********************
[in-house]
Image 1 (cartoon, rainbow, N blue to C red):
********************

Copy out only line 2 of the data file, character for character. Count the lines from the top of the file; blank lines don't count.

Image 1 (cartoon, rainbow, N blue to C red):